The common practice of coloring hair may lead to an increased risk of breast cancer, new research finds.
In a study published Wednesday, researchers at the National Institutes of Health found that using permanent hair dyes and chemical hair straighteners can result in a higher risk of developing breast cancer, compared to women who don’t use the products.
Scientists also found that the risk increased among women who treated their hair with the products on a more regular basis.
“Researchers have been studying the possible link between hair dye and cancer for a long time, but results have been inconsistent,” Alexandra White, one of the study’s authors, said in a statement. “In our study, we see a higher breast cancer risk associated with hair dye use.”
The study, however, found “little to no increase” in breast cancer risk among women who used semi-permanent or temporary dyes.
For the study, which is featured in the International Journal of Cancer, researchers reviewed data from a previous study that involved 46,709 female subjects.
Findings showed that women who consistently used permanent hair dye in the year prior to the study were 9 percent more likely to develop breast cancer than the women who did not use permanent dye.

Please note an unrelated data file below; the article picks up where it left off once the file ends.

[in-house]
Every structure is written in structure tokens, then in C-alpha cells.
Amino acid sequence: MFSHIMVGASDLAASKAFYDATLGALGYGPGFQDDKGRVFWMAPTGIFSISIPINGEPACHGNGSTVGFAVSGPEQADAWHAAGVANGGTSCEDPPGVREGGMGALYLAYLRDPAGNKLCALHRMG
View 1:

The conclusions were even more alarming for African-American women. Among this group, the use of permanent dyes every five to eight weeks (or more frequently) resulted in a 60 percent increase in breast cancer risk compared to the 8 percent increase among white women.
Another finding of the study focused on the link between chemical hair straighteners and cancer.
Women who used hair straighteners at least every five to eight weeks were about 30 percent more likely to get breast cancer, according to the study, though its authors say the results need to be replicated in future studies.
Dale Sandler, one of the study’s authors, said that while no single factor can explain a woman’s risk for cancer, some women may want to consider avoiding permanent hair dyes.
“We are exposed to many things that could potentially contribute to breast cancer, and it is unlikely that any single factor explains a woman’s risk,” Sandler said in a statement. “While it is too early to make a firm recommendation, avoiding these chemicals might be one more thing women can do to reduce their risk of breast cancer.”
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